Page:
Last-Minute Christmas Cake

No matter what recipe you choose, or even if you already have a recipe of your own to follow, the first step is to soak the fruit to make it plump and flavoursome.

What To Soak With And For How Long
You can use alcohol or black tea. With alcohol use dark rum, brandy, sherry or whiskey. My choice is usually a dark rum or brandy. Soak with alcohol for up to one month.

With black tea you can use a standard cup of very strong plain tea, but it also tastes amazing to use a flavoured black tea. I have used a vanilla-scented black tea, and also a chai tea and both of these added depth of flavour. If using tea soak for up to two weeks.

Note: If you live in an especially hot place fruit can ferment. Make sure to keep it in a cool dark place (away from pets, small children and thieving partners) while it is soaking.

Cut Up Your Fruit First

Prepare the fruit by cutting any larger fruits into bite-sized pieces. Remove any pits or small stalks that you find. I usually leave cherries whole if small or cut them in half if they are super-big because I love the visuals of them studded through my cake, but feel free to leave whole or to cut as small as you desire.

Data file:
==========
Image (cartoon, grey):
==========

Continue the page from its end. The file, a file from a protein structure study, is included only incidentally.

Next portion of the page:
Then make one of two choices.

1. Place your chopped and sorted fruit into a large ceramic bowl. Pour the alcohol or tea over. Stir well. Cover the dish with some kind of lid. Don’t let any metal touch the fruit.

2. Try my jar method. Take a large glass jar, big enough to fit your fruit. Layer the fruit or mix together and then spoon into jar. Add alcohol or tea. Place lid on tightly and then turn jar upside down a few times to distribute liquid.

Stir or upend the jar occasionally until the fruit is plump and moist and ready for your cake.

If the liquid is completely absorbed you can add a little more, a tablespoon at each time, every few days. This is known as ‘feeding your fruit’.

When you are ready to bake your cake take the fruit out of the bowl or jar and reserve any syrup that is left behind. This can be used to brush over the cooked cake (which is known as ‘feeding your cake’ but it is also good on ice-cream!

Sending kitchen happiness your way, Nicole ❤ xx